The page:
So what are Tom and Ian doing during Jenn's takeover? Wondering how to get out of their own too-strong alliance. Neither wants to go against the other at the finals. Dump the other in favor of Katie? Katie obviously hopes so... and so does Jenn. Keep Caryn as the least threatening? They well know the threat of a non-threat.
What about a three-men alliance? That plays right into Jenn's hands. Drop Katie and Caryn, the other contenters for Ultimate Uselessness. That puts Gregg, Ian, Tom, and Jenn in the final four. One of the men *must* go next; business is business, and it *can* be done without hard feelings. Or can it? Jenn can surely see to it that there *are* hard feelings. What they did to Katie. And so on.
Now we have Jenn and two men in the final three. Jenn *could* win the challenge and move to final two. Yeah, right. Either man *could* take Jenn and settle for second place. By properly handling the Jury, Jennifer *could* win.
Let's look at the final three from a different perspective.
The final three could be all men, all women, two men, or two women.
Could it be all women? Sure. The three women team with Gregg to dump Tom and Ian; they then dump Gregg. (Note that the women are not aligning with each other. They are aligning *with Gregg* to remove Tom or Ian.) That does make the final challenge interesting, with only the Useless Ones competing for endurance. Older and determined Caryn against Thrives on Coconuts against Jenn. Jenn wins, brings Katie with her as the more useless of the two, and hopes the resentments allow her to win. Gag.
Could it be all men? Sure. Turn on Caryn and Katie. Gregg gets immunity. Jenn's gone, the men shake hands and come out fighting for the final challenge. No hard feelings. Business is business. (No wonder men are so easy!)
Could it be two men and a woman? Sure. Gregg and Jenn, and either Tom or Ian, who remain because of immunity wins. The last one standing brings Jenn as the goat. Jenn wins.
Could it be two women and a man? That seems the least likely, and I don't quite see how it *could* happen unless we have a pair of suitable immunity challenges. Which, of course, makes it quite possible. If the man wins the final challenge (which is likely on pure endurance), he obviously brings one of the Useless Ones. Most likely this is Gregg and Jenn. Jenn wins. Gag.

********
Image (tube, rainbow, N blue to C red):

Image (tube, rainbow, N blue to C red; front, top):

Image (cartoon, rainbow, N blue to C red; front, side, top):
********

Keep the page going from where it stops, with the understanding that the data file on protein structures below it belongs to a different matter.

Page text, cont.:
Meanwhile, either Katie or Caryn could play the role I've described for Jenn. Hook up with Tom or Ian, splitting the Tom/Ian alliance, presenting herself as the goat for the final two. We could easily see the three Tom/Caryn (though I would have thought Katie/Tom), Ian/Katie, Gregg/Jenn alliances.
Whichever man fails to win immunity is gone. It's tempting to say his alliance would be next, but if we see the three-pairings this week, I think we'll see a complete reshuffle the following week. An alliance of three pushes one of the other two, but the editing will play the usual game of things changing shape minute by minute.
Do I believe all that? Nope! I *do* believe Jenn has become an extremely powerful player, as explained above. I hope this is recognized, and she's sent packing.
At this point, I personally feel Tom and Ian are best off forming a solid final-two pact. Stand as the final two, and let the jury decide. To me that would be the essence of all of the positive aspects of Survivor. I like both personally more than any other player, though I recognize that editing is playing up that likeability. What some (most?) see as Tom's arrogance, I see as sincerity and confidence. I think we're seeing the real Tom, and I like what I see.
I likewise like what I see in Ian. Ian's quite possibly the stronger player, and has successfully kept Tom in the spotlight. I hope Ian does well and goes far.
The winning strategy for *anyone* else is to divide up Tom and Ian. And, therefore, I believe the winning strategy for Tom and Ian is to not divide up. They could well decide that going head-to-head in the final challenge is winner take all, presenting themselves to the jury in that light.
Business is business, and I see the basis of a very long-standing friendship in the making. Tom's been there done that, and Ian's right beside him doing it.